Main content area

Cinnamaldehyde inhibit Escherichia coli associated with membrane disruption and oxidative damage

He, Tian-Fu, Wang, Lang-Hong, Niu, De-bao, Wen, Qing-hui, Zeng, Xin-An
Archives of microbiology 2019 v.201 no.4 pp. 451-458
Escherichia coli, Raman spectroscopy, anti-infective agents, antioxidant genes, cell membranes, food industry, malondialdehyde, membrane permeability, quantitative polymerase chain reaction, reverse transcriptase polymerase chain reaction, superoxide dismutase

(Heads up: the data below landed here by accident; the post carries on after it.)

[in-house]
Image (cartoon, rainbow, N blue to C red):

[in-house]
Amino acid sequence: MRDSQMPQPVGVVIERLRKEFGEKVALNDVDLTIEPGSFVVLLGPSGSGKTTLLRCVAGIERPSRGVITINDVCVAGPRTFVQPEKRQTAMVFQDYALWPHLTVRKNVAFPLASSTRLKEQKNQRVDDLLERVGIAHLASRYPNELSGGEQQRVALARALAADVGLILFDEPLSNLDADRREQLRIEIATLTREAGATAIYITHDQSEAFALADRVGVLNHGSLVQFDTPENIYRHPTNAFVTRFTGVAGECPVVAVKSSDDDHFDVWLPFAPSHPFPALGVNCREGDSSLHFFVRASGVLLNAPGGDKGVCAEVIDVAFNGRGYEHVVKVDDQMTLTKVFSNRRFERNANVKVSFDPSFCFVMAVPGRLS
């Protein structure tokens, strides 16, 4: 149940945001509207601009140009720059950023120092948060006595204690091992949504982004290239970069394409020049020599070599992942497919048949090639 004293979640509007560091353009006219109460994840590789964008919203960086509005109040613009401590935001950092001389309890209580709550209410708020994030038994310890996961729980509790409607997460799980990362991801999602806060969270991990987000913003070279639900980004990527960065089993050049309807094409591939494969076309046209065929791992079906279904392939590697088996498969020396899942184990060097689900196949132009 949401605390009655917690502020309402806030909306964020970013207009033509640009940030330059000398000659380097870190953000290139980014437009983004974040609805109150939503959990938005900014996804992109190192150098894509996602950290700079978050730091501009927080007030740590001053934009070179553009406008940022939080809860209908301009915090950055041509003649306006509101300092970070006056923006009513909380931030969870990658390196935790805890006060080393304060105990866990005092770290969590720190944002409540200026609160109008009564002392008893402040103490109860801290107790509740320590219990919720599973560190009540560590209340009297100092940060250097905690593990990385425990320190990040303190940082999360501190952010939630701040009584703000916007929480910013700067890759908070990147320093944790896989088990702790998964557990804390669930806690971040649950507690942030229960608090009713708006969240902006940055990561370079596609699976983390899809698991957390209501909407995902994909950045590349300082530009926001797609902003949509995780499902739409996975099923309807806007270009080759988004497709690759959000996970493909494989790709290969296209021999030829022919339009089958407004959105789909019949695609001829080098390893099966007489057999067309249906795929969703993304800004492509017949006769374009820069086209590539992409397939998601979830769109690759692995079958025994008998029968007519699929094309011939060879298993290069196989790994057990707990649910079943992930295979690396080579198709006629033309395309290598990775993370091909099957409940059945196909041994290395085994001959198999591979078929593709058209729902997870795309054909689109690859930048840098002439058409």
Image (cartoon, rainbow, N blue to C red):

In this study, the antimicrobial mechanism of cinnamaldehyde (CIN) against Gram-negative Escherichia coli ATCC 25922 (E. coli) based on membrane and gene regulation was investigated. Treatment with low concentration (0, 1/8, 1/4, 3/8 MIC) of CIN can effectively suppress the growth of E. coli by prolonging its lag phase and Raman spectroscopy showed obvious distinction of the E. coli after being treated with these concentration of CIN. The determination of relative conductivity indicated that CIN at relatively high concentration (0, 1, 2, 4 MIC) can increase the cell membrane permeability, causing the leakage of cellular content. Besides, the content of malondialdehyde (MDA) and the activity of total superoxide dismutase (SOD) of E. coli increased with increasing treatment concentration of CIN, implying that CIN can cause oxidative damage on E. coli cell membrane and induce the increase of total SOD activity to resist this oxidative harm. Moreover, quantitative real-time RT-PCR (qRT-PCR) analysis revealed the relationship between expression of antioxidant genes (SODa, SODb, SODc) and treatment CIN concentration, suggesting that SOD, especially SODc, played a significant role in resistance of E. coli to CIN. The underlying inactivation processing of CIN on E. coli was explored to support CIN as a potential and natural antimicrobial agent in food industry.